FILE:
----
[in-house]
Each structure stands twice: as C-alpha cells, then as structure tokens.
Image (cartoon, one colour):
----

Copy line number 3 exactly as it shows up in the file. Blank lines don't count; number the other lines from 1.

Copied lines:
Image (cartoon, one colour):